Comparison Of How The Flea And To His Coy Mistress Present And Develop The Poets' Arguments

2014 words - 8 pages

The Flea and To His Coy Mistress are two poems written by poets living during the Renaissance Period. To His Coy Mistress was written by Andrew Marvell and The Flea was written by John Donne. Both of these poets were well-educated 'metaphysical poets', and these poems illustrate metaphysical concerns, highly abstract and theoretical ideas, that the poets would have been interested in. Both poems are based around the same idea of trying to reason with a 'mistress' as to why they should give up their virginity to the poet.
There is a similar theme running through both of the poems, in which both mistresses are refusing to partake in sexual intercourse with both of the poets. The way in which both poets present their argument is quite different as Marvell is writing from a perspective from which he is depicting his mistress as being 'coy', and essentially, mean, in refusing him sex, and Donne is comparing the blood lost by a flea bite to the blood that would be united during sex. Marvell immediately makes clear his thoughts in the poem when he says, "Had we but world enough, and time/ This coyness, Lady were no crime", he is conveying the 'carpe diem' idea that there is not enough time for her to be 'coy' and refuse him sexual intercourse and he justifies this thought when he suggests when she is dead, in ?thy marble vault?, and ?worms shall try that long preserved virginity?. He is using the idea of worms crawling all over and in her corpse as a way of saying that the worms are going to take her virginity if she waits until death. Donne justifies his bid for her virginity in a much longer and more methodical way, he uses the idea of the flea taking her blood and mixing it with his, ?It suck?d me first, and now sucks thee?, and then uses that to suggest that it was not ?a sin, nor shame, nor loss of maidenhead?, that by their blood mixing it was not a sin, she could not feel shamed and could not consider it a loss of her virginity. He goes on to suggest that, when she has killed the flea that holds blood, which in this case is considered as ?life?, from both him and her, that the blood lost had not weakened them (?Find?st not thyself, nor me the weaker now?) and she had not lost any honour. Therefore, with these points considered, the blood she would lose to him would not make her weaker and she would not lose any honour, ?Just so much honour, when thou yield?st to me/ Will waste, as this flea?s death took life from thee?. To some extent, both poets express a way in which they will consummate or have consummated their mistress. Marvell suggests that they should ?roll all their strength and all/ Their sweetness into one ball? and ?tear? their pleasures ?with rough strife/ Through the iron gates of life.? Whereas Marvell explains the consummation as aggressive, sensual and romantic, Donne uses the flea, a very insignificant, unromantic creature, to imply sexual intercourse, ?and in this flee, our two bloods mingled be.?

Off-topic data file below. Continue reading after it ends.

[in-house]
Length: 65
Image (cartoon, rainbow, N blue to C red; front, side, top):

In any poetry, the language...

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